Young Goodman Brown is written as a journey of internal conflict, where Brown is oblivious to his role and sins. This work contains wicked and evil components, and Nathaniel Hawthorne leaves Brown hopeless and disconnected in his life. Hawthorne does not allow Brown to rise above his fears and leaves Brown incognizant of what he is doing. Hawthorne uses subtle symbolism and foreshadowing throughout his story providing many layers and levels at which the story can be interpreted.
Within the first few paragraphs Hawthorne informs his readers of the religious elements he intends to address. For example, the "aptly named" wife of Goodman Brown, Faith is introduced. (667) Her name alone serves as a double meaning, one of which is simply that of which she is known and the other is that of an unquestioning belief in God that does not require proof or evidence. Hawthorne then stresses the importance of the pink ribbons in Faith's hair that "play" in the wind, symbolizing Faith's childlike innocence and purity.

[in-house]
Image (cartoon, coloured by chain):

(667) The foreshadowing takes place through the first dialogue between Brown and his wife. She warns him of her dreams and thoughts which plague her and begs for him to stay the night and leave on his journey in the morning, but he insists on leaving and questions her faith in him. As he starts his journey he begins to second guess his decision to leave his wife apprehensive and justifies his "present evil purpose" by vowing that "after this one night, [he'll] cling to her skirts and follow her to heaven". (667)
The foreshadowing technique is seen again shortly after Brown enters the dark and gloomy woods by nervously stating, "What if the Devil himself should be at my very elbow!.", and within the following paragraph Brown meets up with what...